Why is my dog's penis so small

Inflammation of the foreskin in the male

Almost every male dog has an inflammation of the foreskin at least once in his life. Usually it is not serious, but you should react quickly and treat the dog accordingly. This article provides more information about foreskin inflammation (so-called balanoposthitis) in males. Our vet explains how such an inflammation can develop, how to recognize it and what treatment options are available.

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Foreskin inflammation - a common condition

Inflammation of the foreskin (so-called balanoposthitis) occurs relatively often in non-castrated (intact) males - sooner or later almost every intact male becomes ill with this disease one or more times. As a rule, foreskin inflammation is not serious, but it can be very uncomfortable for animals and humans.


Sex hormones ensure that non-neutered males regularly excavate their penis. This causes bacteria from the environment to get under the foreskin and cause inflammation there. Such bacteria are usually killed naturally by the body itself so that no inflammation can develop. Excavation begins in males after sexual maturity, i.e. usually at an age of 6 to 12 months. In addition, in some dogs the foreskin is open too wide, so that bacteria can settle in more quickly and cause discomfort. If for any reason the male's natural defenses are inadequate, inflammation can result. During the inflammation, droplets of inflammation form in the form of pus or colored fluid that adhere to the penis or fall off around it. The latter in particular ensures that many people take action quickly, even with minor inflammations.


If you suspect that your dog's penis is not healthy, it is important to see a veterinarian. This can determine if the inflammation is minor, which can be treated by washing with foreskin cleansers such as Prepusol, or if the penis is severely inflamed. The latter often manifests itself as drops of pus, a red discolored penis or even blood stains. In such a case, foreskin cleaners are no longer sufficient and the male needs the appropriate medication so that bacteria can be killed and the body recovers.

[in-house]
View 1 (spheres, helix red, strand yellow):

It has been shown that some dogs are more likely to have problems with foreskin infections than others. Regular cleaning with foreskin cleansers can lead to significant improvements, but must be repeated regularly as it does not combat the cause of the inflammation. If, despite regular cleaning, your dog still suffers from foreskin infections frequently or seriously, the elimination of male sex hormones is recommended as a therapy. In this case, the dog must be neutered because neutered dogs no longer dig their penis out. However, this is not an optimal solution for all dogs (a wide foreskin will of course not be narrowed by castration). Therefore, the dog should be carefully examined by a veterinarian before proceeding directly to castration, so that the real problem behind the foreskin inflammation can be determined.

Do you have any questions on this topic or on other diseases / products? Then feel free to contact our veterinarian by email at [email protected]